Influence of offshore oil and gas structures on seascape ecological connectivity

Dianne L. McLean*, Luciana C. Ferreira, Jessica A. Benthuysen, Karen J. Miller, Marie Lise Schläppy, Matthew J. Ajemian, Oliver Berry, Silvana N.R. Birchenough, Todd Bond, Fabio Boschetti, Ann S. Bull, Jeremy T. Claisse, Scott A. Condie, Pierpaolo Consoli, Joop W.P. Coolen, Michael Elliott, Irene S. Fortune, Ashley M. Fowler, Bronwyn M. Gillanders, Hugo B. HarrisonKristen M. Hart, Lea Anne Henry, Chad L. Hewitt, Natalie Hicks, Karlo Hock, Kieran Hyder, Milton Love, Peter I. Macreadie, Robert J. Miller, William A. Montevecchi, Mary M. Nishimoto, Henry M. Page, David M. Paterson, Charitha B. Pattiaratchi, Gretta T. Pecl, Joanne S. Porter, David B. Reeves, Cynthia Riginos, Sally Rouse, Debbie J.F. Russell, Craig D.H. Sherman, Jonas Teilmann, Victoria L.G. Todd, Eric A. Treml, David H. Williamson, Michele Thums

*Corresponding author for this work

Research output: Contribution to journalArticleAcademicpeer-review

6 Citations (Scopus)

Abstract

Offshore platforms, subsea pipelines, wells and related fixed structures supporting the oil and gas (O&G) industry are prevalent in oceans across the globe, with many approaching the end of their operational life and requiring decommissioning. Although structures can possess high ecological diversity and productivity, information on how they interact with broader ecological processes remains unclear. Here, we review the current state of knowledge on the role of O&G infrastructure in maintaining, altering or enhancing ecological connectivity with natural marine habitats. There is a paucity of studies on the subject with only 33 papers specifically targeting connectivity and O&G structures, although other studies provide important related information. Evidence for O&G structures facilitating vertical and horizontal seascape connectivity exists for larvae and mobile adult invertebrates, fish and megafauna; including threatened and commercially important species. The degree to which these structures represent a beneficial or detrimental net impact remains unclear, is complex and ultimately needs more research to determine the extent to which natural connectivity networks are conserved, enhanced or disrupted. We discuss the potential impacts of different decommissioning approaches on seascape connectivity and identify, through expert elicitation, critical knowledge gaps that, if addressed, may further inform decision making for the life cycle of O&G infrastructure, with relevance for other industries (e.g. renewables). The most highly ranked critical knowledge gap was a need to understand how O&G structures modify and influence the movement patterns of mobile species and dispersal stages of sessile marine species. Understanding how different decommissioning options affect species survival and movement was also highly ranked, as was understanding the extent to which O&G structures contribute to extending species distributions by providing rest stops, foraging habitat, and stepping stones. These questions could be addressed with further dedicated studies of animal movement in relation to structures using telemetry, molecular techniques and movement models. Our review and these priority questions provide a roadmap for advancing research needed to support evidence-based decision making for decommissioning O&G infrastructure.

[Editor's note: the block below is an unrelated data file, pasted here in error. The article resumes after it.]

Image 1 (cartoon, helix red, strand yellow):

Original languageEnglish
Pages (from-to)3515-3536
JournalGlobal Change Biology
Volume28
Issue number11
Early online date16 Mar 2022
DOIs
Publication statusPublished - Jun 2022

Keywords

  • birds
  • ecosystem function
  • fish
  • hydrodynamics
  • invasive species
  • larval dispersal
  • marine megafauna
  • particle tracking
  • subsea infrastructure

Fingerprint

Dive into the research topics of 'Influence of offshore oil and gas structures on seascape ecological connectivity'. Together they form a unique fingerprint.

Cite this